I’ve been living and working and growing in New York for about 8 months now (I know, sorry for the lack of posts). I’ve moved through a lot of phases in that time, many of which I felt during the first months I spent in Iceland in 2013. I came across this article I wrote for a student publication a few weeks into my new life in Iceland and wanted to share – it’s mainly a reflection on my strange, bifurcated identity as an Icelander and an American. I hope you enjoy, and I also hope to update this soon with a few pictures and musings from my last few months in the city…!
(Not) New In Town
Invariably it happens, and the person pauses for an almost imperceptible moment, a quizzical expression forming on her face. What she’s said is nothing incomprehensible; it could be, “I saw that exact sight yesterday at the flea market!” or “Now we’ll do three laps back and forth across the gym.” Up until that point I’ve yet to give myself away, and everything goes smoothly. But it always ends the same way, and I hear myself explaining, “Well, yes, I speak Icelandic, but I’m not familiar with that word (which to every Icelander living in Iceland is obvious). No, no, I am from Iceland. I just moved back. Well, I haven’t actually lived here in 23 years,” my words painting an even blurrier picture.
How to explain the complexity of having grown up largely away from my homeland, returning often, but as a visitor. My Icelandic language formed by the words necessary in my home, but little imbued with the culture of my generation. My mimicry skills and lack of American accent belie my troublesome grammar early on in the conversation, which creates tension later, especially when discussing new subjects. This is exacerbated by my pride in language and my desire for my expression to be crystal clear, a problem I rarely have in English.
It’s not only the language that proves troublesome. My friend tells me where she lives, stating a specific location in a neighboring region, maybe only within a few kilometers of my home, or the University. My blank expression baffles her until she laughs, “Oh right, you aren’t from here.” I’m not. But I am. My memories of summers spent splashing through wetlands and picking rocks from the shore couldn’t be more vivid in my mind. Tourists are similarly confused when I cannot point them in the direction of the mall, especially if I’m wearing my lopapeysa.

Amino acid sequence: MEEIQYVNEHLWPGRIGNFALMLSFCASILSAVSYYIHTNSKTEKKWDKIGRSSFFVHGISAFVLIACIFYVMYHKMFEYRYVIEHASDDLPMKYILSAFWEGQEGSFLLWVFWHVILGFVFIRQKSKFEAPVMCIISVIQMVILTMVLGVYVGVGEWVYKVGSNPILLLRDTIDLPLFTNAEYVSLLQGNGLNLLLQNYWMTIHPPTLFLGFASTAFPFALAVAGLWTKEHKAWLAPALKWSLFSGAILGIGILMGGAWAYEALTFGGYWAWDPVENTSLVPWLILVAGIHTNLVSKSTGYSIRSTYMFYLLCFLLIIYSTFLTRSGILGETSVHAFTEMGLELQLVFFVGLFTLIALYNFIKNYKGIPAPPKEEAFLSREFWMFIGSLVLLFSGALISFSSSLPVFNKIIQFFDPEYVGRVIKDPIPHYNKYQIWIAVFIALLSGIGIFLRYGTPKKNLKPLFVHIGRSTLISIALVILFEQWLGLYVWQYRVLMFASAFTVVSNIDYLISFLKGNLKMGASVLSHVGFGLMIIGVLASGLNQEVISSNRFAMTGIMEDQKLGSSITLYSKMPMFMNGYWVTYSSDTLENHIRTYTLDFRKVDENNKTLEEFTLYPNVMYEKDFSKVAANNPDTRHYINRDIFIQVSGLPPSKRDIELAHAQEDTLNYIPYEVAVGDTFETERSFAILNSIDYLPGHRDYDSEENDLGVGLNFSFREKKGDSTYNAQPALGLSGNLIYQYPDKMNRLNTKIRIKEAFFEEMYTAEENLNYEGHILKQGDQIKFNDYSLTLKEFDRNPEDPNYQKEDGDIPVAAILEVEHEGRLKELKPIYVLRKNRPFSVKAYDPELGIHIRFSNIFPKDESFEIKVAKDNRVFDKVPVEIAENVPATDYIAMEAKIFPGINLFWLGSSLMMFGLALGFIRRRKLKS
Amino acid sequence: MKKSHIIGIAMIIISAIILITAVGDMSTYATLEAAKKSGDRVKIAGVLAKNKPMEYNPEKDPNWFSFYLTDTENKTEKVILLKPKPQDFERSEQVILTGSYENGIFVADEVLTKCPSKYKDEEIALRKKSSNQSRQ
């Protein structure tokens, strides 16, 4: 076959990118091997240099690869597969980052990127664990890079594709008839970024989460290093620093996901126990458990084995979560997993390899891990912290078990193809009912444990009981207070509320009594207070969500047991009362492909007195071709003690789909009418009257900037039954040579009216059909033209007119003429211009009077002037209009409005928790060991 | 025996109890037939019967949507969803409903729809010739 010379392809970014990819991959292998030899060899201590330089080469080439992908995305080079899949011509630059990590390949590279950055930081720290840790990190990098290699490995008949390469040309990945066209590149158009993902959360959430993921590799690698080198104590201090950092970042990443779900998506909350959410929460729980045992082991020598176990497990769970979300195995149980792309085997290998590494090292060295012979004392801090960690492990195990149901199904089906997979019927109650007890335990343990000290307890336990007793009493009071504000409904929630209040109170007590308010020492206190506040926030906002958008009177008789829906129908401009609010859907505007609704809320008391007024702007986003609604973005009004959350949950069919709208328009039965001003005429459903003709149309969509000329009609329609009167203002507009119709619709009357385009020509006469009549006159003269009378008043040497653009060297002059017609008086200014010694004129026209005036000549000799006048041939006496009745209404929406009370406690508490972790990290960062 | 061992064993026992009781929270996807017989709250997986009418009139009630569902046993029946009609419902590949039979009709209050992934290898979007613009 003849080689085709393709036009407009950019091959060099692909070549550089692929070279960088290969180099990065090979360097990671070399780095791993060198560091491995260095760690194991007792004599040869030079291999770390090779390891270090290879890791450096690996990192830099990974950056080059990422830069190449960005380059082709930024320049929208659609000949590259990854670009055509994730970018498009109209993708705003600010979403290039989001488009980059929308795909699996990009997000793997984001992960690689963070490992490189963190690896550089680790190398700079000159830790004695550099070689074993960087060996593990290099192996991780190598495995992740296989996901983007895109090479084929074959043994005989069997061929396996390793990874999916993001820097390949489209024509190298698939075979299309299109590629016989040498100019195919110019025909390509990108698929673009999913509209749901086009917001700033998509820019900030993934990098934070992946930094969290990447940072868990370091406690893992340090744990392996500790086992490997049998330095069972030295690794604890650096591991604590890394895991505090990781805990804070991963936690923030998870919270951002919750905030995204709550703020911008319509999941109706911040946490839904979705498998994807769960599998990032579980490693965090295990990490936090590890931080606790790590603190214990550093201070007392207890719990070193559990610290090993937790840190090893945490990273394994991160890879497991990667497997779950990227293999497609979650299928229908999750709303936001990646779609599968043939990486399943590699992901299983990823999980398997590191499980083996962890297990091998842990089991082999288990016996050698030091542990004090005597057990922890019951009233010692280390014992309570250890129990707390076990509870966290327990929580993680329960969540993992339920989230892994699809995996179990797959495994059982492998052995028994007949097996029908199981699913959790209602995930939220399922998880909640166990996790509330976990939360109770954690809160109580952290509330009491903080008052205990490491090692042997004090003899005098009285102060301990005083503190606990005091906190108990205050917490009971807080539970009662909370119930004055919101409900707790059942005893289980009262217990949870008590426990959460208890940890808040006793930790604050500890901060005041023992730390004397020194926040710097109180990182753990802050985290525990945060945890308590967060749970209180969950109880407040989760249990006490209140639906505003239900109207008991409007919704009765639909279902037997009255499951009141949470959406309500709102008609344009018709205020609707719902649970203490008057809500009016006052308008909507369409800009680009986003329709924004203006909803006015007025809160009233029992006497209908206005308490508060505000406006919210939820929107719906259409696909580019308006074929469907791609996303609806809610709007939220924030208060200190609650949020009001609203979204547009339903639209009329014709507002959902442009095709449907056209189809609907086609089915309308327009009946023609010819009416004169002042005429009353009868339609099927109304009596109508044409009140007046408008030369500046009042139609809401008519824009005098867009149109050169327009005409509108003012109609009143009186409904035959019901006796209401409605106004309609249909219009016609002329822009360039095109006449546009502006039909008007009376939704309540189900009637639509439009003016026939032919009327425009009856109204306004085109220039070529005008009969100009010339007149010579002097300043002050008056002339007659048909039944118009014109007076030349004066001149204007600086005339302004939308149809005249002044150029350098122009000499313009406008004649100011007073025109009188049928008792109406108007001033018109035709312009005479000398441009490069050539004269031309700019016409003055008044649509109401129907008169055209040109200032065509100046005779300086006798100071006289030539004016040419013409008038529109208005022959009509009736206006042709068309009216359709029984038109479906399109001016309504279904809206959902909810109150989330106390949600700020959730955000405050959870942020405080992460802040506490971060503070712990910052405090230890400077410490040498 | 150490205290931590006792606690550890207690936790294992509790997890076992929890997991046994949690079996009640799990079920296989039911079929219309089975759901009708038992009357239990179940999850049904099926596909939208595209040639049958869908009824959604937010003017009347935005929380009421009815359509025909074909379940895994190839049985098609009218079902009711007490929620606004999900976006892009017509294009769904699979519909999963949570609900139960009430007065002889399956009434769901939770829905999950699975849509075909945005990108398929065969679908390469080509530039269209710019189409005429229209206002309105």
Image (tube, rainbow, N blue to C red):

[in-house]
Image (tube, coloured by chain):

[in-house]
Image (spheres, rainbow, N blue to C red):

In a comfortable setting with a familiar person, my words flow effortlessly, misplaced modifiers and improperly conjugated nouns lost in the wind. My close friends and family have grown to anticipate these little stumbles, and so I take no notice and move on. In the harsh face of a stranger, though, I might stammer or find myself grimacing when I hear the blunder.
Icelandic is an achingly complex language where nothing remains constant – even your own name morphs in the act of receiving, or bestowing, a gift. I’ve changed, too, and moving to Iceland was a gift. I’m grateful for my mistakes and the curiosity they afford me. Several times a day I find myself looking up the origin of a word, the meaning clicking gracefully into place when I realize its relation to another. When my grandmother refers to my grandfather as “bóndi,” the word I’ve always thought of as “farmer,” I realize that putting together “hús” and “bóndi” creates “husband,” and the world opens up a little bit wider. These small ends justify the means tenfold. The truth is that I’m lucky to be in the situation where every day I learn something new. How many people can say that? Learning and relearning languages brings into clarity what was once out of focus, and if the price I pay is a little awkwardness and a good icebreaker, it’s well worth it.